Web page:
“Other denominations certainly have tended to see it [believer’s baptism by immersion] as what set Baptists apart. For centuries, it has been the most obvious answer to the question: What makes Baptists different?” said James Leo Garrett, distinguished professor emeritus of theology at Southwestern Baptist Theological Seminary in Ft. Worth, Texas, and author of Baptist Theology: A Four-Century Study.
But even a casual look at Baptist life today reveals troubled waters:
• While most Baptists reject infant baptism, some congregations readily baptize preschoolers.
• Many nondenominational churches require believer’s baptism by immersion, but some Baptist congregations accept as members Christians who were sprinkled as infants.
• Nearly all Baptists insist baptism is a symbolic ordinance with no soul-saving power; however, a small-but-growing number prefer to speak of baptism as a vital sacrament. Meanwhile, others ask why baptism should be demanded of new believers at all, since it’s “just a symbol.”
Many Christians choose their place of worship based on the quality of programs a particular church offers for their children or the style of music in worship services — and growing numbers move easily from one denomination to another, observers of church life note. So, some Baptists question whether churches realistically can demand Christians from other traditions submit to believer’s baptism by immersion before they are allowed to join a Baptist congregation.
Curtis Freeman, research professor of theology and Baptist studies and director of the Baptist House of Studies at Duke University Divinity School in Durham, N.C., points to the breakdown in denominational uniformity as a factor leading to a diminished emphasis on Baptist churches demanding believer’s baptism by immersion.
“Because denominations are breaking down, when people move from one town to another, they may be part of a Methodist church one place and then go to a Baptist congregation in the next,” Freeman said. “Before, the boundaries were stable, but the boundaries are very unstable now.”
Sociologists of religion agree on what marketers already recognize: Americans don’t value brand loyalty the way they once did. But committing one’s life to a specific Christian fellowship hardly should be equated with loyalty to a particular brand of toothpaste or toilet paper, other scholars insist.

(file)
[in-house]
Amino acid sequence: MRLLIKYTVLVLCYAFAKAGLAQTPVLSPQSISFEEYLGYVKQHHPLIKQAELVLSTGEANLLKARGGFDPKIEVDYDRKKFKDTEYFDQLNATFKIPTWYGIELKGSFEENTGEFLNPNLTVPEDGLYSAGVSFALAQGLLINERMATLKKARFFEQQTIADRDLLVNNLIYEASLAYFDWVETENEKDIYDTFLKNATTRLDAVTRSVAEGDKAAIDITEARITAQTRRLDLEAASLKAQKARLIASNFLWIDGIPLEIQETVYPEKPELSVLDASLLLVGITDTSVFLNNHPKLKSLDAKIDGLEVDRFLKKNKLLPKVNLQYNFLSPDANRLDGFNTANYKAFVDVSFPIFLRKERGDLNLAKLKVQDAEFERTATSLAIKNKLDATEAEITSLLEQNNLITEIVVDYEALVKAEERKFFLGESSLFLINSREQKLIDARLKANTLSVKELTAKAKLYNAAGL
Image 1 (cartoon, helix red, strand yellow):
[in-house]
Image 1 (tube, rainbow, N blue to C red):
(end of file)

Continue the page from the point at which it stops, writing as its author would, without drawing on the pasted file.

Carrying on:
“Is it just a consumer mentality, where the choice of church is looked upon as no different than choosing a grocery store or gas station, or is it a decision based on deeply rooted convictions?” Garrett asked.
Believer’s baptism by immersion represents an act of obedience to Christ’s command, not just a Baptist prerequisite to church membership, said Karen Bullock, professor of Christian heritage and at the B.H. Carroll Theological Institute in Arlington, Texas.
“There are young people in all of our churches who say they want just to ‘love Jesus’ but don’t want to be a member of a community of faith or to be baptized. These individuals reason that they can go to heaven and be a Christ-follower without baptism since, they argue, it does not convey salvation, and it is not necessary for salvation,” she observed.
“They don’t like having to think about being ‘dunked’ in water in front of a bunch of people they don’t know or care about. They don’t think Jesus’ command to be baptized should be applied to them and don’t know the biblical link between believer’s baptism and the local church.
“But at its root, many who work with young people who talk like this say that this may be an authority issue for them. They just want to pick and choose what parts they will do and will not do. Believer’s baptism is a matter of obedience to Christ, not just an outdated and meaningless churchly act. Baptists have not historically adjusted our theology to make it more palatable to culture.”
Baptism matters, Freeman agreed. But he maintains larger issues include uncoerced faith, what it means to be a church and what discipleship entails.
“What does it mean to exemplify the lifestyle of a follower of Christ?” he asked.
Walter Shurden, retired professor of Christianity at Mercer University in Macon, Ga., and founding director of the Center for Baptist Studies there, also cited Baptists’ emphasis on an uncoerced faith.
“The defining theological characteristic of early Baptist life was a local body of believers made up of Christians who had voluntarily committed their lives to Christ as Lord, what in Baptist-speak has been known as ‘a regenerate church’ or a ‘believer’s church.’ Believer’s baptism was the practice that Baptists used to try and guarantee a believer’s church.”
Believer’s baptism by immersion offers the best practice for disciples of Christ — one that increasing numbers of non-Baptist churches have adopted, he, Garrett and Bullock agreed. Furthermore, Baptist churches should practice believer’s baptism by immersion — not the sprinkling of infants, they insisted.
But that does not mean those churches necessarily must see the infant baptism of other Christians as “no baptism,” Freeman insisted.
Advocates of open membership — both in early Baptist life and today — insist congregations should accept members on the basis of their profession of faith in Christ — regardless whether it came before or after their baptism, and without demanding that Christians who were baptized as infants submit to immersion as adults.